ARB Announces New Community Health Program
For immediate release
Sacramento – Today the California Air Resources Board (ARB) announced its new Community Health Program, studying the influence of air toxics and other air pollutants within neighborhoods.
ARB Chairman Dr. Alan Lloyd, said, "Studying air quality in neighborhoods will help us better understand the influence of air toxics on a much smaller area. Public health, especially that of our children, the elderly and sensitive populations will greatly benefit from the individual approach to determining the public health risks of toxics."
The Community Health Program combines the work of several ongoing programs including the ARB's indoor air, air toxics and neighborhood assessment programs. The new program will use new monitoring and survey techniques developed as part of the ARB's research efforts in the San Diego community of Barrio Logan. In addition, for the first time, the ARB will address strategies to reduce the cumulative effects of exposure from multiple sources of air toxics.
As a way to ensure that California communities have clean, healthy air, the ARB has instituted the Community Health Program to address exposure to numerous air toxic sources affecting specific neighborhoods. Until now, toxics data has only been collected on a regional level. However, the Community Health Program will also focus on micro-regions where the health risks from individual sources can be evaluated.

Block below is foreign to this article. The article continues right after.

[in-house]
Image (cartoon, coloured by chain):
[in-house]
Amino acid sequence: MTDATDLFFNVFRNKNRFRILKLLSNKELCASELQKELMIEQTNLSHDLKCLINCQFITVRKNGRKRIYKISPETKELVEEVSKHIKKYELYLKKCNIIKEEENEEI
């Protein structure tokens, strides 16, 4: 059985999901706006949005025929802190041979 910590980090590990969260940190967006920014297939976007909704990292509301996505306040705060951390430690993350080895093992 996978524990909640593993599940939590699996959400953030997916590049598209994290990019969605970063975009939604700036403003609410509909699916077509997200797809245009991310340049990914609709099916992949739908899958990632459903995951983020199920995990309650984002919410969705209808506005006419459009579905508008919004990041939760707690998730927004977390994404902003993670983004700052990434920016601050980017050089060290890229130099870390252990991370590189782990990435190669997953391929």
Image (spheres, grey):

As part of the program, the ARB will conduct a series of new health studies that will focus on children to ensure a margin of safety for infants and children, as is required by SB 25 (Escutia). These studies will focus on multiple pollutants, children's asthma and the effects of air pollution on those with heart disease.
The ARB already has several related studies in the works. The Children's Health Study is designed to assess the health effects of long-term air pollution exposure of children living in Southern California. The study includes 5,000 children in 12 communities who have been followed annually for up to eight years. The study focuses on how air pollutants affect lung function.
Another project is about to begin in Fresno, focusing on the impact air pollution exposure has on childhood asthma. The overall goal is to determine the affects of particulate matter, in combination with other pollutants, on asthmatic children.
The ARB has also funded a study to see how short and long term exposure to particulate matter affects the development and progression of cardiovascular disease in the elderly. The study group is 4,000, mostly elderly men and women, who have been followed since 1990. The first results of this study should be available in early 2001.